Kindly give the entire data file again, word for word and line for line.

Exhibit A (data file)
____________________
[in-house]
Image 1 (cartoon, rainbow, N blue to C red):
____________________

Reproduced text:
[in-house]
Image 1 (cartoon, rainbow, N blue to C red):